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State Loses In Federal Appeals Court Over Voter Purge Method

Lauren Chapman
IPB News

One of Indiana’s methods to purge voter rolls will remain shut down after a federal appeals court decision Tuesday.

An Indiana law first passed in 2017 allows counties to immediately remove voters from the rolls if they’re flagged by the Interstate Crosscheck System. Crosscheck, created by controversial former Kansas Secretary of State Kris Kobach, is a multi-state database of voter registrations.

The state argues its use of so-called “confidence factors” to determine whether a voter registration matches – like Social Security number and date of birth – is enough to satisfy federal law.

But both a federal district judge – and now the 7th Circuit Court of Appeals – disagree. The latest appellate decision points to the National Voter Registration Act, which says a voter can only be removed from the rolls if they either ask to be taken off or fail to respond to mailed notifications and then don’t vote in two, separate federal elections.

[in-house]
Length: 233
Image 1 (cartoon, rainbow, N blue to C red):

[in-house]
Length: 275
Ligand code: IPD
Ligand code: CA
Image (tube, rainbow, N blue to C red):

The state could appeal this latest ruling. A fight over the law’s permanent fate is ongoing.

Contact Brandon at or follow him on Twitter at @brandonjsmith5.

Brandon Smith is excited to be working for public radio in Indiana. He has previously worked in public radio as a reporter and anchor in mid-Missouri for KBIA Radio out of Columbia. Prior to that, he worked for WSPY Radio in Plano, Illinois as a show host, reporter, producer and anchor. His first job in radio was in another state capitol, in Jefferson City, Missouri, as a reporter for three radio stations around Missouri. Brandon graduated from the University of Missouri-Columbia with a Bachelor of Journalism in 2010, with minors in political science and history. He was born and raised in Chicago.